What is Cannabidiol (CBD)
CBD is a non-psychoactive cannabinoid that comes from hemp and cannabis and is a naturally occurring biochemical compound.
Although it is a cannabinoid, CBD does not directly interact with the two classical cannabinoid receptors (CB1 and CB2). Instead, it affects signaling through CB1 and CB2 receptors indirectly. This partly explains why, in contrast to THC, CBD is non-psychoactive. In addition to its indirect influence on the CB1 and CB2 receptors, CBD can increase levels of the body’s own naturally-produced cannabinoids (known as endocannabinoids) by inhibiting the enzymes that break them down.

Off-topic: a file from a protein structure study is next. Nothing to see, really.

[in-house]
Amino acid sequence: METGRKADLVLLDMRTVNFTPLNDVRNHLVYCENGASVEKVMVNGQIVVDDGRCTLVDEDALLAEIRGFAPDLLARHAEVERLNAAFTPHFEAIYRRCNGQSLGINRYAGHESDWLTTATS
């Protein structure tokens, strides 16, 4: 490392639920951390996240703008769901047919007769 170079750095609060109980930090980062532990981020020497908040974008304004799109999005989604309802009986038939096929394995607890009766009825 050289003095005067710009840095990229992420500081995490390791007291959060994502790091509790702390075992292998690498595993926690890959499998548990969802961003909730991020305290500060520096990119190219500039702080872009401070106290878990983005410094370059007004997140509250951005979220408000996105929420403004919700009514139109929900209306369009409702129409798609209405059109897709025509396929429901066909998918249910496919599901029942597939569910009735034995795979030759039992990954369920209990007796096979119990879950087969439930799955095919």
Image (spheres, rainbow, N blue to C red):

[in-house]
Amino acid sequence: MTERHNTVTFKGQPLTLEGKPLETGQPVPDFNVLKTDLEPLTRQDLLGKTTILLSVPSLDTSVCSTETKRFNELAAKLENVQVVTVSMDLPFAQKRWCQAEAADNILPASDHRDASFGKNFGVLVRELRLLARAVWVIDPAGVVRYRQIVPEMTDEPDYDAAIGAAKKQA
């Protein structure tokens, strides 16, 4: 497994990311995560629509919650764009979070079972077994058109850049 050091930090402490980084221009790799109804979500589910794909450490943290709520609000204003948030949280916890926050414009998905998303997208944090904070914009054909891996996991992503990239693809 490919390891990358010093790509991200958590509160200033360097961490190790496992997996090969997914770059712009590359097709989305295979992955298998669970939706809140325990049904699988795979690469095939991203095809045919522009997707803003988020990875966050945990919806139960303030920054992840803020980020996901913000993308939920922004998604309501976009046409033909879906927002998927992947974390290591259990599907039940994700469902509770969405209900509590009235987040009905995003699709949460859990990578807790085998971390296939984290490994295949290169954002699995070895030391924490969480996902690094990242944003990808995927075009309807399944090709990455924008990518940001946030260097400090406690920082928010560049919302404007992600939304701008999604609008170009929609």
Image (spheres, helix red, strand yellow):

CBD has less than .03% THC which is why it’s legal in the U.S. and other qualified countries.
The Study of CBD
The study of cannabis has given us a new understanding of how the human body works. The endocannabinoid system (eCS) was discovered in 1992. It is only called the endocannabinoid system, literally “inner-cannabinoid”, because cannabis was the origin of its discovery. Had it been any other complex and beautiful plant which led to it’s discovery, it would be called something else.
This product is not qualified to diagnose, treat, cure, or prevent disease.